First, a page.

Howard Carter meets King Tut

On November 4, 1922, a young Egyptian boy was working hard taking water to other workers, when he noticed something unusual. A step hidden by the sand. The search had been going for quite a while and they were about to give up. This was the last chance to find him. Tutankhamen. Was this step, found by the boy accidentally, actually the first real clue after all this time? We’ll find out, but not until Howard Carter does some digging.

Howard Carter had first gone to Egypt as a young artist to sketch for an archaeologist. In 1907, Lord Carnarvon asked Howard to supervise some excavations in the Valley of the Kings. Howard was already quite familiar with the area having worked there for several years already and already discovered tombs. This was just furthering his work there. In 1922, Lord Carnarvon told Howard that he would fund only one more season. This was the last chance to find something.

After the step in the sand was finally discovered, they uncovered a stairway to a door. Howard wanted to wait for their benefactor and so Lord Carnarvon was sent for. They recovered everything that they had found, and waited until he arrived from England. Nearly three weeks later they opened the outside door to see what was inside. When asked what he could see, Howard said “wonderful things,” not knowing what they had even found yet just that they had found something.

Bemidji Daily Pioneer December 30, 1922

It wasn’t until February 17, 1923 that they were able to officially open the burial chamber, having seen other passages and cataloged the items within. They entered the tomb and eventually uncovered the gold coffin of the boy King Tut who Howard had long been interested in and searched for.

Unfortunately, not long after this Lord Carnarvon died from a mosquito bite in April 1923. This was turned into a “curse” by the media based on some of the writings on the door. This circled around for many, many years afterwards.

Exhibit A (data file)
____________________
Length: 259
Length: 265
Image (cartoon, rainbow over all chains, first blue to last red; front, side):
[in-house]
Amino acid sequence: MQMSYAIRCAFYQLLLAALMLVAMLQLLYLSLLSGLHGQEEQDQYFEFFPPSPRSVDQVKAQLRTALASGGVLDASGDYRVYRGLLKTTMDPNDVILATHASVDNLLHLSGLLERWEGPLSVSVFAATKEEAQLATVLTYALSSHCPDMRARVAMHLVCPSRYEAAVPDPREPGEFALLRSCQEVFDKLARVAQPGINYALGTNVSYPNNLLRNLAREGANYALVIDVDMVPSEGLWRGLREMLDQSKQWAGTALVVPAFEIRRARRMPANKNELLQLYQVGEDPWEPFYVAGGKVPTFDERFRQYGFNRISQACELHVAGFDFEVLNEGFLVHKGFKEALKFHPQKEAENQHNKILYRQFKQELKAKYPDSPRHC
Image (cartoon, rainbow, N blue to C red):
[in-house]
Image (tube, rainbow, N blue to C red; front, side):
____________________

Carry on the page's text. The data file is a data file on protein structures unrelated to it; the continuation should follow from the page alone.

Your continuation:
Howard Carter’s journal and the books that he wrote about the tomb tell a lot about both the items that were found and the way that things were done in the 1920s. It’s a bit like seeing two different time periods at once. The artifacts from 1300s BCE and the techniques of finding and cataloging everything within the tomb from the 1920s. Howard became a celebrity and so did King Tut as Egypt mania spread during this time. This would continue for a while until the next craze caught on.

Howard Carter died on March 2, 1939 at his home in London.

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Halloween: An Origin Story

All Hallows’ Eve

What we know now as Halloween originated with Samhain. A Celtic festival where the people would light bonfires and wear costumes to ward off the ghosts of the dead. Sound familiar yet?

After the Catholic church began to incorporate, and sometimes replace altogether, local traditions and Christian holidays, in the 8th century, Pope Gregory III moved the festival of martyrs and saints from May 13 to November 1. All Souls’ Day was placed on November 2 and included many of the same things that Samhain did as they were both festivals of the dead. They both had bonfires as well as people dressing up in costumes.